Bilateral Federalism and Workforce Development Policy in Canada

By Wood, Donna; Klassen, Thomas R. | Canadian Public Administration, June 2009 | Go to article overview

Bilateral Federalism and Workforce Development Policy in Canada


Wood, Donna, Klassen, Thomas R., Canadian Public Administration


Traditionally, the objective of employment and training policy in western democracies has been to ensure that labour markets function efficiently. This includes providing labour market information, matching job-seekers with vacancies, promoting mobility, and preparing and training the unemployed. In a globalized economy, where capital and labour are highly mobile, many observers propose that a broader agenda--characterized as workforce development--is now required, one that also incorporates measures to attract and retain talent, solve skills deficiencies, integrate immigrants, incorporate the disadvantaged, improve the quality of the workplace, and generally enhance the competitiveness of local firms (Organisation for Economic Co-operation and Development 2008). Workforce development is a complex policy domain--not only are there a variety of terms used to describe it, (1) but in an age of global economic and labour competition it has become increasingly merged with immigration, social security, labour, and economic development policy. It also has a deep historic relationship to higher and post-secondary education, since many aspects of labour market training are delivered by community colleges, part of the higher education sector.

Various groups in Canada have recently embraced this broader workforce development agenda. In 2007, the federally funded Canadian Council on Learning released a series of reports suggesting ways to improve Canada's performance in workplace learning, adult learning and post-secondary education (Canadian Council on Learning 2007). In its review of employability in Canada, the standing parliamentary committee on human resources, social development and the status of persons with disabilities outlined a variety of measures to bolster the participation of underrepresented groups, increase investments in education and training, and improve productivity and economic prosperity (Canada, Standing Committee on Human Resources, Social Development and Status of Persons with Disabilities 2008). In Learn Canada 2020, provincial education ministers set an accessible, diversified and integrated system of adult learning and skills development as a key goal (Council of Ministers of Education Canada 2008). Similarly, the long-term economic plan of the federal Conservatives, in the fall of 2007, seeks to ensure that Canada has the best educated, most skilled, and most flexible workforce in the world (Canada, Department of Finance 2007). All of these approaches highlight the need for intergovernmental cooperation, and many also promote a national or pan-Canadian approach to workforce development under federal leadership. However, there has been little analysis and reflection on how this can be accomplished in the context of the constraints imbedded in Canada's federal political system.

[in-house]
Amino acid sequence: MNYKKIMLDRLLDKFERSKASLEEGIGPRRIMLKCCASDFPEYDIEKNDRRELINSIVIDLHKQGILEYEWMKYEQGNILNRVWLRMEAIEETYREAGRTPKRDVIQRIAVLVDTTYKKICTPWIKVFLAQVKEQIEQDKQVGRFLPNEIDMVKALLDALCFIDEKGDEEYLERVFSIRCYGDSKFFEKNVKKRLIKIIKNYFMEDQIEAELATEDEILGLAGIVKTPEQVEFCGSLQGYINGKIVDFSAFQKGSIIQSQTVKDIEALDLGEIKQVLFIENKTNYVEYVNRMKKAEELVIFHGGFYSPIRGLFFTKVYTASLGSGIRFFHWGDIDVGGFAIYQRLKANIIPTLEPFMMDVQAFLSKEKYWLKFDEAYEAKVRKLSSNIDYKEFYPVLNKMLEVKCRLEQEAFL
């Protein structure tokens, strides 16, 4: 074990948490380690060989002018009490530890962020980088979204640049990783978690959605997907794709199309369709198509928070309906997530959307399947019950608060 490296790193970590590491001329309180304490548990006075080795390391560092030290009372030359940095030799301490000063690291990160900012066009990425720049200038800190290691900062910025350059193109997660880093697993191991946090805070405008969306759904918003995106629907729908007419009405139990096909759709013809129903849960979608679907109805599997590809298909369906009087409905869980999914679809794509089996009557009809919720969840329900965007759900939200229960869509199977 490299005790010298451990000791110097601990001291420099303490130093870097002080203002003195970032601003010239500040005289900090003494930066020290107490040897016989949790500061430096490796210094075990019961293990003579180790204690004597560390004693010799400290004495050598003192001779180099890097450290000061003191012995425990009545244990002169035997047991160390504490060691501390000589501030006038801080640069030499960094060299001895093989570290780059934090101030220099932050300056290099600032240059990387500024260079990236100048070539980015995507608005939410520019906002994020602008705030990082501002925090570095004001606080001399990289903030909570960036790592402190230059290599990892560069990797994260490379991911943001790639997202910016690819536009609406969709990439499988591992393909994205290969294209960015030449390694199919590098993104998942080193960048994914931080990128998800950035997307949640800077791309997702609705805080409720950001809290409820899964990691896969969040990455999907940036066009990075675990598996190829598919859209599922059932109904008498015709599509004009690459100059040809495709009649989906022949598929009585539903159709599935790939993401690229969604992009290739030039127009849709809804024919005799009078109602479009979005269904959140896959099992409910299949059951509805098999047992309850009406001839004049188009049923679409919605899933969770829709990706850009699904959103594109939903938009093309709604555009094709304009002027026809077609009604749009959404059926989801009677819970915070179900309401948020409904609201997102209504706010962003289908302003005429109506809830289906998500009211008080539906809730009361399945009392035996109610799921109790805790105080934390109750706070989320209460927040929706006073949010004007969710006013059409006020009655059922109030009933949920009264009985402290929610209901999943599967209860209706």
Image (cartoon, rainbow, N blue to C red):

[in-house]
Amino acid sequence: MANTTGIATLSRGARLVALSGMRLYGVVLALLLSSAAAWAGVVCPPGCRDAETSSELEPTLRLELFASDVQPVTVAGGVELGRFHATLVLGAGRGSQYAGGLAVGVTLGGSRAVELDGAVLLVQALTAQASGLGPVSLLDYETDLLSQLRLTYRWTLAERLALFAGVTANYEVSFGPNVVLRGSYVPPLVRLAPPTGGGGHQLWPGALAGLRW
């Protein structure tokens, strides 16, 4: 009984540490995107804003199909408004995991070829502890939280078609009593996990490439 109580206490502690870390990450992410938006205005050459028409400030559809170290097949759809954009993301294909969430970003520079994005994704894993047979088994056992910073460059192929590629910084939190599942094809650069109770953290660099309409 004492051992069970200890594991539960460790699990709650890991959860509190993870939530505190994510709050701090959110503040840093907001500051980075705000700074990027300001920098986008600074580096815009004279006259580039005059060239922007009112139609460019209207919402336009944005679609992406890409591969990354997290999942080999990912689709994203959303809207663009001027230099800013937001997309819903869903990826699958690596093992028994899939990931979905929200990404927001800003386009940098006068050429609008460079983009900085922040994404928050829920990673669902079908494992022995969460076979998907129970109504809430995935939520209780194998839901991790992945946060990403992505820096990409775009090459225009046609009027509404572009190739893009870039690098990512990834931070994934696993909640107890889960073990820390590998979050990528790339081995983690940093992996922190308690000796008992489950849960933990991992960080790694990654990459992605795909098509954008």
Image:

Policy-making in federal political systems is much more complex than in unitary systems because the question of who should take action is superimposed on the question of what should be done. Since Confederation, both orders of government in Canada have been active in labour market matters, and their relationship in this policy domain has often been contested and strained. Provincial governments have constitutional responsibility for most social programs, including education, social assistance and training. Ottawa's involvement derives from its responsibility for the economy; in addition, a constitutional amendment in 1940 gave it responsibility for unemployment insurance. Between 1940 and 1995, the policy domain was dominated by the federal government, which funded, managed and delivered most programs through a national public employment service and influenced provincial actions through its spending power. However, since 1996, many federal programs have been devolved on a bilateral basis to provincial and territorial governments, leading to asymmetrical workforce development arrangements across the country.

In this article, we examine the performance of the intergovernmental relations system in workforce development policy in Canada, since 1996, through a review of relevant sources and over thirty key informant interviews with government officials and external stakeholders. …

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